It's hard to image Apple without Steve Jobs at the helm, but the same has been said about many companies headed by powerful, charismatic, seemingly irreplaceable leaders.
Against the odds, many such companies have thrived under new leadership, although not always consistently: Walt Disney after its namesake, Wal-Mart Stores after Sam Walton, Mary Kay cosmetics after Mary Kay Ash, IBM after Thomas Watson.
General Electric has produced a string of successful successors to founder Thomas Edison including Charles Coffin, Charles Wilson, Reginald Jones and Jack Welch. "Each in his time was regarded as a giant," says Joseph Bower, a Harvard Business School professor and author of The CEO Within.
It's harder to remember the companies that failed because they are no longer with us. Some companies, such as Enron and Washington Mutual, died "precisely because their so-called charismatic leaders led them off a cliff," says Charles O'Reilly, a professor at the Stanford Graduate School of Business.
Some companies are still around, but just seemed to lose their mojo after saying goodbye to a visionary leader.
"Sony is an example," says Sydney Finkelstein, a professor at Dartmouth College's Tuck School of Business. "It has been in a slow descent" since Akio Morita gave up the helm in the mid-1990s. "It has been bypassed by Apple and Samsung in two core areas."
Xerox is another one "that really went downhill" after the departure of founder Joe Wilson, Bower says. Wilson was "a very strong founder who did a phenomenal job of managing technology".
There is an old saying that sums up the problem: "Acorns seldom flourish in the shade of a great oak," Bower says.
When a company transitions successfully from icon to new leader, "more often than not, the successor has been at the periphery (of the company) rather than the centre". They might have been working in Asia or on non-core businesses.
"They have had a chance to develop their own way of thinking and doing things."
One example, he says, is IBM CEO Sam Palmisano, who succeeded Lou Gerstner. Palmisano was involved in open systems, software and services when IBM was all about closed systems and hardware.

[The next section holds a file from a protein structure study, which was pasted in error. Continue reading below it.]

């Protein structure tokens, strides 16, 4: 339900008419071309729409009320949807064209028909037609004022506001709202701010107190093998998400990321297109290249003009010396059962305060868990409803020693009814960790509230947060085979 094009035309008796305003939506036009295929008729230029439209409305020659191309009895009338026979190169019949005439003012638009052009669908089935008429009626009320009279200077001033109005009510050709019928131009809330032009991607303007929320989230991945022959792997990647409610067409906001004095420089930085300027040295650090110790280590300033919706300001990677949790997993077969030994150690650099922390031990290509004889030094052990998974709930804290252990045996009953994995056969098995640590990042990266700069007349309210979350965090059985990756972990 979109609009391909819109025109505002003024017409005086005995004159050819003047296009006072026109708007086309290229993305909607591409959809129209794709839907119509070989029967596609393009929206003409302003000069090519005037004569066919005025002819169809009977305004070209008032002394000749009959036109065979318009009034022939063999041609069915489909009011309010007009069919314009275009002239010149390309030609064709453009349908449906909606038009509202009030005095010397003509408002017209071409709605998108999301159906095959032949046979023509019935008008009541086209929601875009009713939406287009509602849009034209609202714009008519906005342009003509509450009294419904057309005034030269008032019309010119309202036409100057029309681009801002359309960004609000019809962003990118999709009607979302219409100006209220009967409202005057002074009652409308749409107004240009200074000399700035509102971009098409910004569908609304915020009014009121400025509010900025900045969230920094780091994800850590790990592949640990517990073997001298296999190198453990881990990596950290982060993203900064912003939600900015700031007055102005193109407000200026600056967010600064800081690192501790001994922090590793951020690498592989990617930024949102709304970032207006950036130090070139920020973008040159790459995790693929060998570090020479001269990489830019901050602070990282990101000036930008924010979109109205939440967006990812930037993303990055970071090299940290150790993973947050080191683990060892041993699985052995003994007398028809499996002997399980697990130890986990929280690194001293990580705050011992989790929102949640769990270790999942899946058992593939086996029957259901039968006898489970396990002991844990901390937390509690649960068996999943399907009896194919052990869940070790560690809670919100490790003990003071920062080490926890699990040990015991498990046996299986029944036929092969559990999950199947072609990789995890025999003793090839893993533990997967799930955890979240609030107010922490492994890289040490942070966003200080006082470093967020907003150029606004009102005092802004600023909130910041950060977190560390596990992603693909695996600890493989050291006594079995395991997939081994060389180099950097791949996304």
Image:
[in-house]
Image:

Bower says companies should look for someone "who has grown up inside the company but maintained enough objectivity so they understand the need to change, and change in dramatic ways".
O'Reilly says that is true, but only when the company needs radical change.
"For me, the transition to a new CEO hinges on whether the company needs to continue with their existing strategy" or move in a different direction.
"In the former case, you'd want someone with the same values, but not necessarily the same personality, who could continue to execute and keep leveraging the existing culture," such as John Young, who succeeded William Hewlett at Hewlett-Packard.
"In the latter case, you might prefer someone who could reallocate resources and realign the culture to the new strategy, as Jobs did at Apple when he returned," O'Reilly says.
"One could get this wrong in several ways. After Edwin Land stepped down from Polaroid, there was a clear need to shift toward digital, but their leaders were unable to do this. Same story with Kodak," O'Reilly says.
O'Reilly says it helps when a superstar CEO blesses his successor. "In this sense, Apple has probably done a good job of setting up Tim Cook," he says. Whether Cook can make the company function as well as Jobs, assuming its strategy remains the same, "will be interesting to see".
Al Delattre, global technology practice leader with recruiting firm Korn/Ferry, says people should not expect an icon to be replaced by a clone. "No matter how much you want him to be just like the one before, he's going to be different," he says. "It's like getting a new dog."
Intel, he says, has had three successful chief executives, all very different. Andy Grove was "a super high profile, strong personality". His successor Craig Barrett was soft spoken. Both were engineers while current CEO Paul Otellini is a "marketing guy".
Each brought something different, but "they all stewarded a culture at Intel. They are a hard-core engineering, fact-based company, very disciplined, very outcome-oriented. That culture permeates the company," Delattre says.
Finkelstein says it will be hard for Apple to maintain its momentum no matter who is in charge. It's very unusual "to hit one home run after another," he says.
He points out that Cisco Systems was the most valuable company in the world in 2000. Now it's struggling under the same CEO.
Today, Apple is the first or second most-valuable company (depending on the day). People buy Apple products in part because of the image Jobs projects. That, and his vision, will be hard to replace, Finkelstein says. "The bigger issue is that companies can just not keep going at this pace. You cannot find it in business history."